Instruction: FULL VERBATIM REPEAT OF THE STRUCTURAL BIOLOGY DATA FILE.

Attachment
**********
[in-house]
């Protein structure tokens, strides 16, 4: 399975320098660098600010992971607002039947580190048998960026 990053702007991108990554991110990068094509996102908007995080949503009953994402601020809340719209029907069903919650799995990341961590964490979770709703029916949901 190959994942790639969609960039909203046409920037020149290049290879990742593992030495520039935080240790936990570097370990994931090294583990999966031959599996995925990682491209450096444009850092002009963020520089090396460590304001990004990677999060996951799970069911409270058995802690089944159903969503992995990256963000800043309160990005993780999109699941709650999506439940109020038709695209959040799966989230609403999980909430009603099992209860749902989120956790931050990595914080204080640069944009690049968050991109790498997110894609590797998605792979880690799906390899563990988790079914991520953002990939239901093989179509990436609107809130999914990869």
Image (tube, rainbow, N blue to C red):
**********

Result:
[in-house]
């Protein structure tokens, strides 16, 4: 399975320098660098600010992971607002039947580190048998960026 990053702007991108990554991110990068094509996102908007995080949503009953994402601020809340719209029907069903919650799995990341961590964490979770709703029916949901 190959994942790639969609960039909203046409920037020149290049290879990742593992030495520039935080240790936990570097370990994931090294583990999966031959599996995925990682491209450096444009850092002009963020520089090396460590304001990004990677999060996951799970069911409270058995802690089944159903969503992995990256963000800043309160990005993780999109699941709650999506439940109020038709695209959040799966989230609403999980909430009603099992209860749902989120956790931050990595914080204080640069944009690049968050991109790498997110894609590797998605792979880690799906390899563990988790079914991520953002990939239901093989179509990436609107809130999914990869």
Image (tube, rainbow, N blue to C red):